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Bastian Thomsen, Olav Muurlink and Talitha Best

Enactus is a nonprofit organization dedicated to inspiring students to tackle global issues through socially oriented entrepreneurial action. It is a substantial movement (including 72,000 students in 36 countries in 2017) that takes action learning (Reason and Bradbury, 2001), service learning (Battistoni, 2017) and experiential learning (Kolb, 2014) into the (social) entrepreneurship arena. Students execute community development projects and then compete against other university teams in project-based competitions regionally, nationally, and globally. At its core, Enactus embodies the idea that ‘now’ is the prime opportunity to engage in social entrepreneurship, and its potential benefits can positively impact student and societal beneficiaries simultaneously. Enactus is characterized by relatively short bursts of focused activity and has at this point, attracted limited research attention. In this chapter we reflect on the scholarly basis of the connection component of Enactus, focusing on the value of networking in fostering social entrepreneurship. We present a simple but powerful case where we led 12 students on an international educational trip to Ireland for two weeks, meeting with three other university Enactus teams and presenting at an entrepreneurship education research conference. The case illustrates the rapid benefits of relatively brief ‘real world’ (social) entrepreneurship programs, and the value of leveraging partner Enactus organizations to experience another culture’s view of social entrepreneurship education in action. Prior to two years ago, students at the College of Idaho (U.S.A.) had limited exposure to social entrepreneurship in any capacity. To increase enrollment and student engagement in social entrepreneurship at the College of Idaho we created a Social Entrepreneurship Education Program (SEEP). SEEP includes a new social entrepreneurship concentration for business majors, a suite of six SE courses, local service-learning projects, an international education trip, and a recognized Enactus student chapter on campus. Implementation of SEEP resulted in Enactus membership increasing from 4 students the previous year to more than 26 actively engaged members. Enactus serves as the prime platform at the C of I to engage students outside of the classroom resulting in stronger student–faculty relationships, and greater interest in the SEEP overall.

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Eric W. Liguori, Giles T. Hertz and Nelson Sebra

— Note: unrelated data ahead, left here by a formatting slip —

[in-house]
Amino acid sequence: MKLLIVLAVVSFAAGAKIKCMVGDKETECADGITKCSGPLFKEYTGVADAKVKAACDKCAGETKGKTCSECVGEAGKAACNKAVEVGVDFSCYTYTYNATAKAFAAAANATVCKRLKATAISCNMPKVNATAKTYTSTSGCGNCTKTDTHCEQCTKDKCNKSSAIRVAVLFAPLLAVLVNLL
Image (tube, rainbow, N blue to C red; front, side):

In 2013, two of the authors attended the International Franchise Association’s Franchise Expo held in Anaheim, California. The expo brings together over 200 franchisors, each vying to both build brand awareness and expand their reach via acquisition of new franchisees. We walked the showroom floor, spoke with many of the franchisors, and tried to resist arguing with the lucky few who proudly claimed they had no competition. Our motive in attending this expo was simple: franchising is an often-overlooked opportunity for students to engage in entrepreneurship and we wanted to gather franchise opportunity information to share with our students. We walked away with the information we sought, content we had gathered enough data to inform a few lectures and give students some collateral to consider. As we made the five-hour drive home we reflected back on what we had observed. We had seen thousands of people being pitched business opportunities, some successfully so and others not, by hundreds of franchisors (effectively, the IFA had succeeded in the deliberate facilitation of individual-opportunity nexus; Shane, 2003). As we reflected back we couldn’t help but think “wouldn’t this be a great way for our students to practice entrepreneurship?” After all, completing customer discovery, crafting compelling narratives, building brand identity, and learning to sell are core components of contemporary entrepreneurship education (cf., Ladd, 2016; Liguori, Cowden, & Hertz, 2016). It was then we decided Fresno State’s entrepreneurship capstone course (ENT 157) needed revamping.

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Katarina Ellborg